Lawrence Ferdinand Lochtefeld was born on 2 April 1891, in St. Rose, Mercer County, Ohio. His parents were John Bernard Lochtefeld (1862-1932) and Catherine Hoying (1864-1948). Lawrence had at least 11 brothers and sisters and was the fourth born child. Several of his siblings joined the Catholic clergy, including his sister, Sis. Mary Emma Lochtefeld (1894-1928) and brother, Rev. Melchior Joseph Lochtefeld (1905-1984). Two of Lawrence's siblings died at birth. They were Catherine, born/died 10 March 1886, and Joseph, born/died 10 February 1899.

Lawrence married Maria Agnes Hausfeld prior to 1917. At the time he registered for the WW I draft on 5 June 1917, he listed her as his wife and he listed his occupation as a self employed farmer living in Chickasaw, Mercer County, Ohio. Maria Agnes Hausfeld was the daughter of Frederick Clemens Hausfeld and Mary Elizabeth Boeke. She was born two months after Lawrence, on 15 June 1891 in St. Johns, Mercer County, Ohio and she preferred to be called Agnes.

Lawrence and Agnes had their first child, Julitta, on 27 October 1918. Julitta had some serious problems and was institutionalized at the Institute for Feeble-Minded Youth in Columbus, Ohio. She only lived to the age of 8 and died at the Institute due to bronchopneumonia with a contributory illness of Furunculosis or chronic boils. Their second child was Omer. He was born on 8 December 1921 and died at the age of 78, on 8 August 2000. Their third child, Cletus, was born on 31 August 1925. Cletus' birth was very difficult on Agnes and she died from eclampsia on the day Cletus was born. This probably contributed to Cletus' poor health and mental handicap. He too was institutionalized at the Institute for Feeble-Minded Youth but he went to a location outside Columbus in Orient, Pickaway County, Ohio. Cletus died at the Institute on Christmas Day, 1933, at the age of 8. The cause of his death was Pellagra. This disease is caused by the lack of vitamin B3 or niacin usually due to the body's inability to produce tryptophan, an essential amino acid. The symptoms can be severe sensitivity to sun, peeling or scaling of the skin, and aggressive behavior.

On 22 February 1927, Lawrence married Elizabeth Luebke. Elizabeth was the daughter of Frederick Luebke (1846-1929) and Elizabeth Kohr (1854-1950), both of whom were immigrants from Germany. Elizabeth was born on 9 October 1891. Lawrence and Elizabeth had three children. Their first child was Gregor who was born 7 December 1927. Their second child was Mary Ann, born about 1929, and their third was Hugo who was born on 29 September 1931.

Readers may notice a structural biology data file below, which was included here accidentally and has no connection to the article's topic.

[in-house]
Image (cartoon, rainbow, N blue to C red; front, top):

Lawrence lived on his farm near Chickasaw, Mercer County, Ohio for his entire life. Sometime during his life he must have had an accident because his WW II draft registration points out a scar on his nose and forehead. I do not know the cause of this scar but I can take a guess of a few ways that it could have happened on the farm. In addition to farming, Lawrence served on the Chickasaw School Board for several years.

His son Omer, left the farm but remained near the family farm in Chickasaw. He became a rubber worker. He married Marietta Rindler on 3 July 1948. Lawrence's brother, the Rev. Melchior Lochtefeld performed their marriage ceremony. His son Gregor, was a veteran of the US Army during the Korean War and worked at New Idea where he built farm machinery but continued to live on the family farm. Gregor died on 14 December 2002. On 24 May 1950, Mary Ann married Paul Edgar Kremer and left the farm. Lawrence's youngest son Hugo also remained on the farm until his death and never married.

Lawrence's health began to decline after he turned 70. He had been experiencing heart problems for at least four years prior to his death on 16 January 1968. He had been in Joint Township Hospital in St. Marys for ten days before his death. He was 76 years old. His death was hard on the family but his son Hugo took it the hardest and became despondent. Hugo was found a day later hanging from the rafters of the barn of an apparent suicide. Hugo and his father were buried in the cemetery at the Precious Blood Church on the same day. The funeral was officiated by Rev. Melchior Lochtefeld, Lawrence's brother.

Monday, October 13, 2014

August Henry Poeppelman (1881-1960) "52 Ancestors"

Ready for week 41 of the 52 Ancestors in 52 Weeks Challenge? This has been another busy week and I just about missed getting a story out this time. I went to a German Genealogy Interest Group meeting last Thursday. One of the things they talked about was a service called Ancestor Seekers that you can contract with to do research. The person who tried them said she had spent 35 years looking for an immigration record and that only a few hours after she sent her request they had found the elusive document. I thought it was worth a shot to see if they could find any information on James A Walker. So I sent them a copy of all the research that I have on him. A few hours later they replied back that the likelihood of them finding his birth, death or information on his parents was "Poor". Ok, that makes me feel better since I haven't been able to find anything about him beyond the 1870s-1880s.

Lorikeets from the zoo.
So after all that, I started to think about who I would write about this week. I decided to write about August Henry Poeppelman (1881-1960). He is my 2nd cousin 3 times removed. Why did I choose him? Well, for the same reason I select most of my subjects, random chance. As I started looking at what I have on the Poeppelman line I realized that there was a lot of information missing and many many people that were not included in my file yet. So I spent the last couple days doing research to try to fill in the gaps. And since today was a holiday I figured I would spend more time getting things in order for this story. But we went to the zoo instead (see the pretty birds to the right). So now I am going to write about what I already have. Hope you enjoy.